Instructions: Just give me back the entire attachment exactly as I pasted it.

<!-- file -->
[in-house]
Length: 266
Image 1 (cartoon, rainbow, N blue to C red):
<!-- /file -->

[in-house]
Length: 266
Image 1 (cartoon, rainbow, N blue to C red):